Whether you’re an automotive parts supplier or a law enforcement organization, storing and managing digital information is a critical behind-the-scenes process that can determine your success. Fortunately, there’s no shortage of digital storage solutions to help small and large businesses optimize and protect their data. From inventory tracking solutions to medical records backups, finding the right fit for your data storage doesn’t have to be complicated if you follow these steps.
Identify Your Data Storage Needs
You should first identify your specific storage needs. Determine what data you need to store, how often you’ll need it, and how you’ll access it. These questions will help get you started, no matter what your requirements may be.
- Which activities generate the largest amount of data?
- How much data needs to be digitized for storage?
- How much data is duplicated or irrelevant?
- Which processes run on local servers?
- How will additional data storage elements work with existing storage?
- How important is on-demand access for certain data?
- Does specific data need to be accessible on- and off-line?
Local Network Data Storage vs. Cloud Data Storage
Local data storage like a Network Attached Storage (NAS) solution may be an excellent choice for startups and small businesses because it’s a hybrid of local hard drive and cloud storage. A NAS system connects to your local network for easy access from remote workstations, connected computers, and wireless devices.
Cloud storage is a web-based solution that stores data on the Internet via a third-party provider that manages and operates the service. It delivers data on demand, it has nearly unlimited capacity, and it’s easily accessible via the web. The ability to store large amounts of data and the cost savings compared to hardware expenses makes cloud storage a popular choice for medium to large companies.
Network Attached Storage
Network Attached Storage gives businesses fast, simple, and reliable access to data across their networking environment. NAS solutions are suitable for any business that needs a large amount of economical storage that can be shared with multiple users. They are also simple to configure, manage, and use. Two of the best reasons for choosing this data storage solution:
Storing data on a NAS system is faster than uploading data to the cloud. Some data needs to be stored and accessed immediately, so increased upload speeds may be a deciding factor.
You have complete control over how and where your data is stored, who has access, and the level of security. Using a local storage solution gives you flexibility in creating protocols, configurations, and more customization.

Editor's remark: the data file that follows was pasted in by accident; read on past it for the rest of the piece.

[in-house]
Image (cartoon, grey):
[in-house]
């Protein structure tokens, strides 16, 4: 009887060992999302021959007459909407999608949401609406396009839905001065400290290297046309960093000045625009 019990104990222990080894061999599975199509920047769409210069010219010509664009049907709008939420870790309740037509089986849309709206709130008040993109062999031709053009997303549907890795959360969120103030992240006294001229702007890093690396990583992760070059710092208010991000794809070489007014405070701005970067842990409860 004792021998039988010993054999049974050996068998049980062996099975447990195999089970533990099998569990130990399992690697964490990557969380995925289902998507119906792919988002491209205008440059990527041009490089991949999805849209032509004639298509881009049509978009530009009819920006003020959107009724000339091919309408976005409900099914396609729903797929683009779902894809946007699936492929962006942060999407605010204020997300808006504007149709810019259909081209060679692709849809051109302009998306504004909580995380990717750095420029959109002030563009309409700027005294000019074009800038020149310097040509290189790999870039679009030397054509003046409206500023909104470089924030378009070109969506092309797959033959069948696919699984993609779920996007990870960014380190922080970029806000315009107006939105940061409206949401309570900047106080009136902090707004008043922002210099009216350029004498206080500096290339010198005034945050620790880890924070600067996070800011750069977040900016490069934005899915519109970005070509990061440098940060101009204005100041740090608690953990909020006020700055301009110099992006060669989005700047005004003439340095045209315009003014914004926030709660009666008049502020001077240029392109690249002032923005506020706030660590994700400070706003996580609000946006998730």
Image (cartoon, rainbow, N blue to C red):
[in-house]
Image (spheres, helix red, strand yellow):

However…if your server fails, your data can be lost or rendered inaccessible. Locally-stored data is vulnerable to electrical surges, water, and other physical dangers.
Cloud Data Storage
Storing data online offers businesses some compelling benefits. You can easily share extensive files and other data with clients, vendors, and employees using password-protected access to your cloud data storage service. This web-based access eliminates the security risks of sending information via email and other communication mediums. Designated users with access to the cloud server can access information from any device with a web browser. These users can also upload new data to the cloud using those same devices. Two of the most important advantages of cloud data storage are:
Cloud storage is safer than local storage. Reputable cloud service providers implement the latest technology for encryption and other security measures. Besides online storage, cloud services also let businesses back up data stored on-site and protect it with those same technologies.
Unlike some other technology investments, using a cloud service for storing data can create significant savings compared to other alternatives. Building a local network capable of meeting your storage needs with scalability features can be expensive. From hardware to software, a NAS or other local storage system requires investment, maintenance, and future expenditures (like upgrades).
The biggest drawback? Reliable internet connectivity and optimal bandwidths are essential for optimizing cloud data storage—no internet means no data access.
For most businesses, cloud data storage is a good choice. For others, a local NAS system combined with a cloud data storage solution may be the best fit. No matter what kind of data or how much, there are plenty of secure, reliable choices to create the best data storage solutions for your business.